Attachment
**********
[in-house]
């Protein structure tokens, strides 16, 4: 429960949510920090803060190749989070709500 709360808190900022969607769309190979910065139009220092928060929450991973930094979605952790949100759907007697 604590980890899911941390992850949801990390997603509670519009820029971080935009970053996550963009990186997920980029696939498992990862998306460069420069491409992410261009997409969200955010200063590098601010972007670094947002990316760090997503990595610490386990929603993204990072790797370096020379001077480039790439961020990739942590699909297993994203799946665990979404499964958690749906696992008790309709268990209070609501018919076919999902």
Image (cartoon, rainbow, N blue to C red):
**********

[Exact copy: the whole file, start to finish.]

[in-house]
């Protein structure tokens, strides 16, 4: 429960949510920090803060190749989070709500 709360808190900022969607769309190979910065139009220092928060929450991973930094979605952790949100759907007697 604590980890899911941390992850949801990390997603509670519009820029971080935009970053996550963009990186997920980029696939498992990862998306460069420069491409992410261009997409969200955010200063590098601010972007670094947002990316760090997503990595610490386990929603993204990072790797370096020379001077480039790439961020990739942590699909297993994203799946665990979404499964958690749906696992008790309709268990209070609501018919076919999902």
Image (cartoon, rainbow, N blue to C red):